In spite of Thursday’s cease-fire agreement between Kiev and Moscow, the Russian economy is still struggling amid swingeing sanctions, oil price declines, a weak ruble and rampant inflation. And ordinary Russians are feeling the pinch – with some believing the crisis hasn’t even started yet.
Russia’s economy has been hit hard by the severe decline in global oil prices and sanctions imposed on the country for its part in the Ukraine conflict. This, in turn, has caused the currency to weaken 90 percent against the dollar over the last 12 months, further pushing up the rate of inflation which stands around 11.4 percent. Russia’s economy is expected to enter recession this year.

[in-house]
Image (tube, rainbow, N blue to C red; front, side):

“I can say that we have not yet seen the full effect of the economic crisis – redundancies, closing businesses, rising non-performing loans – we haven’t seen those things yet but that’s not to say it’s not coming,” Vladimir Tikhomirov, chief economist at Russian financial services firm BCS Financial Group, told.
Russia’s leaders have been keen to absolve themselves of responsibility for the economic crisis, blaming the decline in oil and “external factors,” as Putin called them, for the crisis.
Russia’s Finance Minister Anton Siluanov told this week that reforms were desperately needed in order for Russia to recover.